Directed by Harold Becker
Written by Joseph Wambaugh
Starring John Savage, James Woods, Franklyn Seales, Ted Danson, Ronnie Cox
Joseph Wambaugh was a cop who started writing best selling novels. He was unhappy with what Hollywood did with his first two, so, when his third book came out, a nonfiction account of what was then the longest-lasting case in California history, he refused to sell the rights. Instead, he raised money and produced it himself to make sure it was done the way he wanted. The result was The Onion Field
In the movie, small-time crooks Gregory Powell (James Woods) and Jimmy Lee Smith (Franklyn Seales) teamed up to commit a bunch of low-level but violent crimes. When they are pulled over by policemen Karl Hettinger (John Savage) and Ian Campbell (Ted Danson), they panic, taking the two cops hostage. One of the cops is killed and the results affect all of the others.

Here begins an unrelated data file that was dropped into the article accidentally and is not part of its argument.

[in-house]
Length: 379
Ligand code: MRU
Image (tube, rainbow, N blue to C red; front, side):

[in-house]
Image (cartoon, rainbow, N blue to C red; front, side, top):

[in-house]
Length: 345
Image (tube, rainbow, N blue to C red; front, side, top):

This movie brought James Woods front and center as an actor. He had been in a few films before, but this was his first standout role and his performance as Powell really leapt off the screen. Powell is a charismatic and cold-blooded criminal, and the most dangerous part of him is that he thinks he's much smarter than he is. Woods ignites the screen in every scene he's in.
It may be surprising that Ted Danson plays a dramatic role, but it wasn't surprising at the time, mostly because Danson was unknown. This was his first film role, so there were no expectations. I sometimes wonder if one reason he used the name Beckeryears later was to thank the director who gave him one of his best roles.
The rest of the cast is also excellent. Savage and Seales never made it big, but they are also terrific as men trapped in a situation not entirely of their making and trying to survive it. Savage has had a successful career, but rarely the spotlight, while Seales never got the roles he deserved after this.
This is one of the best cop movies made -- Wambaugh's background and control made sure that the details were right -- but it's primarily the story of a bad situation that became worse.